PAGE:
Pacific Northwest Trail; mile 500.4

Saturday, August 31, 2019; day 42

I did not want to rise. I felt bloated, uncomfortable, sick. I had broken the zipper to my tent in the middle of the night. I fear State Route 21.

I review the guidebook. It states: “Enjoy this road walk through San Poil Canyon which has very light traffic” I feel mislead. It was not light.

There is a trash at the campground. I took the opportunity to ditch more weight. I discarded a carabiner, extra bandages, an empty peanut-butter container (why in the world had I been carrying two?). I cut out the lining of my shorts with the tiny scissors of my tiny Swiss Army tool. They were surprisingly heavy and entirely without purpose (like many things in today’s world).

I noticed a hole in my shorts. I considered how long it may have been there, as I sewed it up.

My gaiters have two large tears on either side. This seemed to make them more dangerous than anything, liable to snag. I have grown to like them very much, however. I will sew them up as well, but later.

I pack up my tent, saddened by the broken zipper. At least there are two pieces of velcro to hold it shut. Will that hold up in a storm? Maybe I should just sew the darn thing shut. There is another exit on the other side.

I go to fetch water. The good quality, its cold clarity, lift my spirits.

I hear a car.

I return to my pack to watch an older man, cigarette  in mouth,  move bags of trash and foam padding from his truck bed to the campsite trash bin. I am annoyed by this as I watch. Finally he sees me. He lifts his hand. “Hi” I say, flatly.

I listen to the traffic whiz by in the distance.

I can do it I can do it I can do it.

I say to myself “I am not afraid of the cars. People will see me.”

The lower I sink, the more intense the determination that springs.

“Ok. Take two.”

The walk was indeed beautiful.

At least cars are not sneaky. You can hear them coming.

There are far fewer cars than last night. They seem more amiable and slow. Some even slow down deliberately to see if I react as if I want a ride.

I came to the place where I had spotted the mother grizzly and her cubs. I replay the situation in my mind. They were closer than I had realized. There was certainly no way I could have safely proceeded.

Suddenly, happiness finds me again. It is inevitable, I am certainly not hiding.

I take note of the litter. Beer cans, half full Sobe bottles, more beer cans. I din’t get it. They are in a car. Can’t it wait? Surely they will see a trash soon enough. Then it dawned on me. Drinking and driving. Evidence. Evidence and integrity, straight out the window.

I imagine this is what a roadside deer feels like.

I reached the Ten Mile Campgroud and trailhead. After completing the Ten Mile Trail (which was just over two miles) I would divert from the primary PNT , yet again. I would follow ten miles of open, dirt, forest service roads to bypass another bushwhack. I would rejoin the primary PNT at the W. Fork Scatter Creek Forest Service Road.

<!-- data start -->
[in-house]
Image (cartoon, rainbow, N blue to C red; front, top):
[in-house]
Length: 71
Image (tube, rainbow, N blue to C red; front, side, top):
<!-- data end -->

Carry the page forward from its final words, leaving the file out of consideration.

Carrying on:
I passed through the trail quickly, and joined the road.

The wind blows. It rains pine needles and leaves. It is magic.

I think about motivation. This–these walks, these travels– is what I do to keep love and hope alive within myself.

I sit for a m moment roadside. A hunter I had seen earlier on the road parks and offers me cold water. I accept.

I look up at the tree tops. They sway, top heavy. The sun on my skin is hot, but pleasing.

I continue.

A red truck revs its engine unnecessarily while zooming by in reckless spurts along the curving forest road. It continues as it passes me. I glare. They are a large group. They laugh as they pass. I turn to watch as they park, music blaring, all four doors and the tailgate thrown open. They gather something. Downed trees for firewood, I am assuming.

One sees me watching and calls out: “Welcome to America!”

I say nothing. I keep walking.

The sun, setting behind the clouds, has them traced in gold.

I reach  Ogle creek. The roadside culvert is fenced. I remove my pack and gather my empty bottles. I then slide my feet, then legs, then rest of self under the lowest wooden plank. Little hopping insects with tiny bodies and long legs move about the waters surface, then pause– floating like lily pads– then start again. I am thankful for the clear stream running from the culvert.

I throw my full bottles ahead of me, then push and undulate my way back up, beneath the lowest wooden plank.

It is dark. I scan for a place to camp. There is not much. Many times I leave the road, scouring the woods that show potential, but return after deeming the space unsuitable.

Finally, I reach a place that will do. I had not intended to set up my tent. The howling of wolves is very near.  It sounds painful. Their nearby calls, and the uncertainty of the roads left me desiring shelter.

I set up my tent. I fell to sleep.

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